The key to the city’s attraction is that it is set on a volcanic plateau right in the heart of the North Island’s thermal belt. The result is that around Rotorua there are extraordinary geysers and hot springs, boiling and bubbling pools, and general thermal activity. One of the great delights of a visit to Rotorua is a cruise on the lake. Hundreds of the famous black swans escort you on your sundowner cruise.
The area known as Waitomo (south of Hamilton and west of Rotorua) consists of a 45 km network of underground limestone caves and grottoes linked to the Waitomo River. Apart from touring the Glowworm and Aranui caves, famous for their glowworm grottoes and fantastic limestone formations, you can enjoy a range of cave-based adventure activities, including abseiling into a limestone shaft and cave system, and black-water rafting, an adventure sport unique to New Zealand.
A walk through the three levels of the cave - the Banquet Chamber, Pipe Organ and Cathedral - is capped by a tranquil boat ride through the magical Glowworm Grotto.
Mount Taranaki (Egmont) is one of the most beautiful mountains in the world. Certainly it is the most perfectly formed mountain in New Zealand.
South of Rotorua lies the Haku Falls and Lake Taupo, the largest lake in New Zealand. It was created by volcanic activity, but the lake is now fed by a series of rivers, of which the largest is the Tongariro. Amazing fishing is still available, either on the lake itself or in the many small streams that run into the lake. Anglers require a Taupo trout fishing licence, purchased for a day, week, month or season. Trout hatcheries are found throughout New Zealand because, while many of the lakes and rivers have plenty of food, many lack adequate spawning grounds.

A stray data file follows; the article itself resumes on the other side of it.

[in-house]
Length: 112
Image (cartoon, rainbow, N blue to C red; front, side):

At the southern end of Lake Taupo lies the magnificent Tongariro National Park. Three active volcanic mountains form its nucleus: Ruapehu, Ngauruhoe and Tongariro. The park, which is surrounded by access roads, serves as a winter playground for skiers and snowboarders and a year-round wilderness walking, tramping and mountain climbing area. The park was the first in the world to achieve UNESCO World Heritage status for both its natural and cultural value.
Hawkes Bay is one of the most attractive regions on the North Island and is greatly appreciated by wine lovers and lovers of art deco architecture. The twin cities of Hastings and Napier were flattened by a massive earthquake in 1931, but were rebuilt in a better and more elegant style. During rebuilding, an earthquake-proof building code was enforced and architects adopted the then fashionable Art Deco style. Today, the city’s Art Deco buildings, with their pastel colours, bold lines and elaborate motifs, are internationally renowned.
There are many vineyards within easy reach of Hastings and Napier, mainly dotted around the southern end of the Ngaruroro river valley. The success of the region’s wine is not only evident in its international awards, but in one of New Zealand’s most important wine events, the annual Harvest Hawke’s Bay, celebrated during the first weekend of February.
Early morning balloon flights are an unforgettable experience. One meets just outside Hastings and after assisting with the balloon’s inflation, you can enjoy an hour of tranquility over the winelands of this region. A picnic and capping with a certificate, round off a memory to take home.
A 5 hour long afternoon train journey between Hastings and Wellington takes you throughy the sheep country of the southern region of the North Island.
Harbour-fringed Wellington, the country's capital, is situated on the southern tip of North Island, and the centre of government, business and the performing arts. The area between Lambton Harbour and Clyde Quay Wharf on Wellington’s harbourfront, stands entirely on reclaimed land. It covers a site once central to Wellington’s waterfront industry, and can be covered on foot within an hour.
With exhibition space equivalent to three football fields, the Museum of New Zealand Te Papa Tongarewa (“Our Place”) is one of the largest national museums in the world. Committed to telling the stories of all cultures in New Zealand, home to the national Art Collection, and with ample gallery space for touring exhibitions, the museum opened on its waterfront site in 1998.
From Wellington you can cross over to the southern island, where you will find just as many exceptional attractions, like the mountains and glaciers of the most southern regions. Yes, New Zealand, or Oarteoroa, as it is called by the native Maoris, the "Land of the Long White Cloud", is surely a country that must be high on the list of tourists seeking a memorable experience.
- Johann BEUKES